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OpenBenchmarking.org

Link-Time Optimization To Speed Up The Linux Kernel

Intel

Published on 19 August 2012 12:11 PM EDT
Written by Michael Larabel in Intel
29 Comments

An extensive set of patches have been published that allow the Linux kernel to be built with GCC's LTO (Link-Time Optimization) support for generating a faster Linux kernel binary but at the cost of much greater compile times.

GCC's Link-Time Optimization support that's new in the past few years allows for inlining of functions between different files and performing various compile-time optimizations across the binary as a whole, dropping dead code, and running other checks across the entire binary. LTO'ing the Linux kernel increases the compile time by two to four times and needs 4~9GB of memory to complete.

The Link-Time Optimization Support for the Linux kernel is being done by Andi Kleen at Intel. "We see speedups in various benchmarks, but also still a few minor regressions. There's still some outstanding tuning, both in compile time and allow gcc even better optimization. Also the kernel currently triggers some slow behaviour in gcc, which will hopefully improve in future gcc versions, allowing faster LTO builds."

Aside from needing dozens of patches to the Linux kernel, the LTO support requires GCC 4.7 along with a special Linux binutils. Right now these Linux kernel LTO patches are just under a "request for comments" state but will hopefully be merged for a future Linux kernel release. It will be interesting to see how LTO'ing the Linux kernel performs as soon as Phoronix benchmarks are complete.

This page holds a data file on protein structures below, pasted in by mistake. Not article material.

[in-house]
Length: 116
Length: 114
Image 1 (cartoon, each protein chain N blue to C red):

More details on the Link-Time Optimization support for the Linux kernel can be found in this mailing list thread. Details on GCC LTO are also available from GNU.org.

About The Author
Michael Larabel is the principal author of Phoronix.com and founded the web-site in 2004 with a focus on enriching the Linux hardware experience and being the largest web-site devoted to Linux hardware reviews, particularly for products relevant to Linux gamers and enthusiasts but also commonly reviewing servers/workstations and embedded Linux devices. Michael has written more than 10,000 articles covering the state of Linux hardware support, Linux performance, graphics hardware drivers, and other topics. Michael is also the lead developer of the Phoronix Test Suite, Phoromatic, and OpenBenchmarking.org automated testing software. He can be followed via and or contacted via .
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